Two research assistants who spoke Bengali, Hindi, and English fluently were trained in survey administration. All surveys were piloted with the target patient and caregiver populations prior to the start of study data collection. During piloting there was consistent agreement between the research assistants in administering the survey instruments. Interviews were conducted by the research assistants with consenting patients and caregivers when they were in the hospital for baseline and discharge surveys, and over the phone for 30-day surveys. Survey administration required 15-20 minutes for baseline and discharge surveys, and 20-40 minutes for the 30-day surveys.

Recruitment and study design

Patients receiving SoC were recruited along with their stated family caregiver for the SoC group from beginning of July to mid-October 2014. The CCP was implemented end of October to the beginning of November 2014. The CCP patient-caregiver recruitment followed subsequently from mid-November 2014 to end of January 2015. Intention to treat analysis included participating intervention dyads regardless of their completion of the CCP. Primary reasons for non-participation in the CCP were conflict with class timing and anxiety about being in the hospital.

Outcome measures

Post-discharge complications

Previous studies have shown agreement of patient-reported post-surgical complications with surgeon-evaluated clinical diagnoses or chart review.31,32 Given the lack of data available from hospital records,33 potential for selection bias with chart review, and the general lack of consistent documentation of clinical visits in hospital records, complications data was collected via 30-day calls through the following algorithm (more information in Appendix S1). Two senior physicians at RTIICS defined and identified the necessary and sufficient signs and symptoms to determine at-home patient-reported complications that would be reliably identified and communicated by patients at home, out of a list of post-discharge surgical complications by the U.S. Patient Safety Indicators. The two complications that could be reliably identified were superficial incisional surgical site infections (SSI) of the chest incision or leg incision and signs of lower respiratory infection. The definition used for SSI, per U.S. Center for Disease Control guidelines,34,35 was presence of any purulent discharge, even without laboratory confirmation, with the local-context, additional definition of any incision that produces discharge more than 5 weeks after the procedure with redness and swelling, with no other recognized cause. Since lower respiratory infections in India are often treated in an outpatient setting without imaging or laboratory confirmation, the definition of lower respiratory infection required either clinical diagnosis by a doctor or concurrence of high fever, new-onset cough, difficulty breathing, and severe fatigue. This latter definition is aligned with the CDC clinical definition of pneumonia of a fever of at least 38°C, new onset cough, and signs of worsening gas exchange.36 The composite outcome of any complication was operationally defined such that if patients had more than one complication, they were only counted once.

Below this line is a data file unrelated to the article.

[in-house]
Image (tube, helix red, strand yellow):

Healthcare utilization for emergent issues was also recorded based on caregivers and patient report of outpatient or inpatient non-routine visits and the reason for each visit during the 30-day survey. Of note, all procedures were open cardiac surgical procedures, and all vein harvests were open. No endoscopic procedures were performed.

Quality of life – physical health domain

The World Health Organization Quality of Life short form assessment (WHOQOL-BREF) in Bengali and Hindi was used to assess four domains: physical health (7 items), psychological health (6 items), social relationships (3 items), and environmental health (8 items), along with 2 items that measured overall quality of life.37 Scores were adjusted per WHOQOL-BREF scoring protocol and could not be calculated for cases that did not answer 2 or more questions in each domain (or 1 or more question in the social relationships domain). The survey was administered pre-operatively and post-operatively at 30 days post-discharge (more information in Appendix S1 of the Online Supplementary Document). The psychological, social relationships, and environmental domains were captured at 30 days post-discharge (Appendix S2 of the Online Supplementary Document).